Always remember that sodium carbonate is very alkaline and needs to be handled wearing rubber gloves, especially when used directly.
WHY IS IT SO IMPORTANT?
As already mentioned, sodium citrate - Na₃C₆H₅O₇ - is a very important ingredient, as it acts as a sequestrant in our DIY laundry detergent.
WHAT IS A LAUNDRY SEQUESTRANT?
Sequestrants are used in detergents in order to reduce the level of ions in water. The properties of these ions are modified, and as a result, we obtain a higher efficiency of the cleaning process. In fact, capturing calcium and magnesium ions in the solution and preventing them from interfering with the surfactants (a substance that assists in cleaning) avoids the re-depositing of dirt on the washed fabric or surface. The incorporation of a laundry sequestrant - like sodium citrate - improves the performance of detergents. Sodium citrate acting as a cleaning aid and water softener allows the soap to work more effectively. The resulting soft water - treated with sodium citrate - requires less detergent for the same cleaning effect, as the soap is not wasted mopping up calcium and magnesium ions.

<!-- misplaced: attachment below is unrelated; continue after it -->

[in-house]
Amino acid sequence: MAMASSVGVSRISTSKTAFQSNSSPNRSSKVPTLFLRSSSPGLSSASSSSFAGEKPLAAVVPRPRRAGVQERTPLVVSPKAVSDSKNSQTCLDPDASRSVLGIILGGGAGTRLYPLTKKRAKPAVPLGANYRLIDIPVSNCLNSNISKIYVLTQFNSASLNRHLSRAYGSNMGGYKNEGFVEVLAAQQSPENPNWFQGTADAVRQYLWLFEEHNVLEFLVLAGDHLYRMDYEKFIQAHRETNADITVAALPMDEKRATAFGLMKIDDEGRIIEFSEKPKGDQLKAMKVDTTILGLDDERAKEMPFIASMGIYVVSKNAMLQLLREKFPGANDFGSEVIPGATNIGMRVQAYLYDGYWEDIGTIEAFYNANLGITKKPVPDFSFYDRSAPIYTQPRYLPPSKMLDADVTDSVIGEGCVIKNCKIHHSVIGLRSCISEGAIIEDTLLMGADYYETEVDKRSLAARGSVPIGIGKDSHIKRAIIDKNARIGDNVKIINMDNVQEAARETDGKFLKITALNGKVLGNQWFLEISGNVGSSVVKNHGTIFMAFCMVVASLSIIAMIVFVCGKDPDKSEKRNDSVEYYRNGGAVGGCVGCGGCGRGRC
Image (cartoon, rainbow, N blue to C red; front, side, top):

Soft water also extends the lifetime of plumbing by reducing or eliminating the build-up of scale in pipes and fittings. When I add sodium citrate to my detergent, I actually see that the laundry is spotless and all the stains have vanished. Sodium citrate can also prevent the greying of fabrics.
Sodium citrate is not the same as citric acid. In fact, citric acid is a weak organic acid (pH 2 approx), sodium citrate (pH 7 approx) is the sodium salt of citric acid. This means that to make the sodium citrate you need citric acid. Like citric acid, it has a sour taste. Like other salts, it also has a salty taste.